Kim Jones Pays Tribute To Judy Blame, The “Unsung Hero Of British Fashion”

Since the start of his uprising in menswear, Kim Jones has paid open homage to the influence of his elder statesman in London counterculture. Today’s Dior AW20 menswear show – a pertinent tribute to the stylist, jeweller, art director and visual iconoclast, Judy Blame – was preceded by a deft twist on the Dior logo, with a safety pin added to the ‘O’ of the house insignia. In an accompanying video, Jones referred to Blame as the "unsung hero" of British fashion. The recognition of the Dior show will surely upend a further layer of Blame’s peerlessly cult status.

Rewind to the evening of 11 March, 2019, when London’s fashion demi-monde descended on Union Chapel, Islington to celebrate Blame’s life. The evening crystalised into a perfect kiss goodnight to a momentous talent. Judy Blame’s honorary eulogy was discreetly funded by Jones, reflecting the inspiration, mentorship and loyal friendship that they both shared.

In fact, Jones and Blame's shared interest was vast, extending beyond clothing and accessories into nightlife, art and the environment. The central tenet of Jones’s work – that there exists no distinction between the street and runway in fashion, only a shared, cross-class division based on taste – is divined straight from Blame’s unwritten fashion creed. Blame’s playbook always prized meaning above money. His work was tirelessly driven by ideas. He wove AIDS and ecology seamlessly into editorial during the incendiary work he styled for titles such as The Face and i-D in the 1980s. The Dior AW20 collection will form part of an ongoing latticework of projects – including a forthcoming book – to help protect and prioritise the legacy of the house of Judy Blame.

Blame died on Monday 19 February, 2018, aged 58. Although his passing felt premature, he managed to cram an awful lot of living into those years. He was born Chris Barnes in Surrey and soon moved to an ex-pat community in Madrid, when his father’s work positioned the family in Spain. His artful instinct was ignited while truanting from school and spending endless hours lost in the Museo Nacional del Prado, instructing himself on the rudiments of taste, which developed young and certain.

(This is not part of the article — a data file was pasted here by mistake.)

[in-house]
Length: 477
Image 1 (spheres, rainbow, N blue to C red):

He arrived back in Britain as a 16-year-old during Punk’s annus mirabilis; a time which he held close throughout his life. In the last Stoke Newington flat Blame lived in – for which he paid three years’ rent in advance, thanks to a previous Kim Jones collaboration (then at Louis Vuitton) – an original poster from a frenetic The Pop Group gig was given pride of place above the living room fire. It bore the legend: “We are all prostitutes.”


Relocating to London as a teenager, taking a job in the cloakroom at the blossoming Charing Cross gay club, Heaven, Chris Barnes was renamed Judy – in honour of Garland – by the glam-rock couturier Antony Price; and Blame, for giving back whichever coat best suited the patron, not necessarily the one they came in with. Blame’s creative hand was already hard at work, too – making his editorial debut in Tatler at the age of just 21, as a young jeweller and designer to watch.

Blame played as hard as he worked. He built a network through pivotal 1980s nightclubs, which bounced to the reverberating fashion beats of New Romanticism, before shifting to the line-in-the-sand moment of Buffalo, rounding off the decade with the utopian mania of Acid House. He absorbed it all, fashioning imagery that reflected the exact mood with a lightness of touch and necessity of purpose, every bit as vigorous and invested as the art he’d absorbed at the Prado.As a stylist, Blame’s CV is littered with iconic moments.

He chose the gold lamé suit Martin Fry wore in ABC’s The Look Of Love video, reshaping the Sheffield romantics as a Soul Train review band. Fry repaid the compliment three years later by dedicating an ABC B-side Judy’s Jewels to him. Blame introduced Björk to Martin Margiela, Juergen Teller and his favourite make-up artist, Topolino. Together, they fashioned the cover for her iconic first solo record, Debut. Blame lent Kylie Minogue a countercultural edge, as she moved subtly away from Pete Waterman’s PWL Hit Factory; and he reimagined Boy George for his Pearly Queen years. As an art director for Massive Attack he took no credit. He’s rumoured to have spent the entire budget for Duran Duran’s Wild Boys video, for whom he was styling the extras, on street amphetamines.

It was with his great muse, Neneh Cherry, that Blame became heroic. Cherry was less a client, more a long-lost sister figure for Blame. They took the entire Buffalo subculture and sold it to the world via MTV on the back of Cherry’s 1989 hit Buffalo Stance. His effortless subversion of sportswear, knock-off jewellery, hand-crafted pieces and the raw sexuality of the designs of his forever favourite Azzedine Alaïa have become a cornerstone of womenswear that endures today.

Editorial god, styling guru, pop savant, craftsman, gossip and original punk rocker, Blame was as loved in life as he was in fashion. Tears were shed and laughter prevailed at the Union Chapel event; and there was one shared memory on which everyone agreed. That truly, he was one of the giants of fashion history as it raced into the 21st century. At Dior today, Kim Jones has ensured a new testament for Judy Blame’s litany begins.